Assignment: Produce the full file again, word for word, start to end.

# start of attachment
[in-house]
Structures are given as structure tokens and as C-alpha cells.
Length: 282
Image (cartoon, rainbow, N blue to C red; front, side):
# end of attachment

[in-house]
Structures are given as structure tokens and as C-alpha cells.
Length: 282
Image (cartoon, rainbow, N blue to C red; front, side):